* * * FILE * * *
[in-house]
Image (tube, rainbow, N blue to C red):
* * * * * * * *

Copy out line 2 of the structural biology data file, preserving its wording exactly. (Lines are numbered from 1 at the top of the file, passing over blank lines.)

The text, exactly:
Image (tube, rainbow, N blue to C red):